This is strictly how I, myself, work with Arta:
Arta is a Mother of many things, people, or ideas. She is a trapper, hunter, and a wood-woman that has no equal. Also, She is a trader, metalworker, blacksmith, tracker, doctor/healer, crafts-woman, explorer, guide, mystic, and practitioner of the Old Arts.
This is stemming from other people asking me ‘How could I get to know Arta in an American context? Stores? Websites? Anything?’
Yes. Try the fur traders, and mountain folk. Can’t get more ursine than the mountains, pioneer, and the historic fur trade.
Note: This is just how I view Her as an American. You can chuck it or take it.
Hub’s own haiku:
Walks the earth as a cave-bear.
Listen to Her words.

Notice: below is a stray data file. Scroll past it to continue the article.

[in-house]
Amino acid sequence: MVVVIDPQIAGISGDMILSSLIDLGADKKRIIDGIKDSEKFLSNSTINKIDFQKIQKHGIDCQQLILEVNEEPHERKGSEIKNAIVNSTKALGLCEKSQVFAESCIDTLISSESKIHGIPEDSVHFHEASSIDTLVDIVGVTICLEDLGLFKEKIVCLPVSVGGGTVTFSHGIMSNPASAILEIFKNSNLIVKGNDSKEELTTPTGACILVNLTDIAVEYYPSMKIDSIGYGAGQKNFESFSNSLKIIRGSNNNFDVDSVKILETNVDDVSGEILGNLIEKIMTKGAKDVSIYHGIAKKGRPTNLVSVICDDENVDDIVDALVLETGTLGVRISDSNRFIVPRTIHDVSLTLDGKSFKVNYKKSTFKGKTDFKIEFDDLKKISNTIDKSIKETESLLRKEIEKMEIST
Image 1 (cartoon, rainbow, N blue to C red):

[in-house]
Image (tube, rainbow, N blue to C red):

The ways of forming metal.
A tool for trapping.
UPDATE: I add this because while I view the historical points made in the fur trade as viable through their skills, songs, poetry, and exploration; I do amend them for my own practice. I don’t think they’re heroes. Killing animals for sport or profit seems… Wrong to me. Really wrong.
But for an American context to start from, that is what I’m getting at here. Re-learning the old skills for our modern culture I think is extremely beneficial, and insightful. Working with Arta in this context is one key I use frequently to understand this Celto-Germanic Goddess from an American’s viewpoint.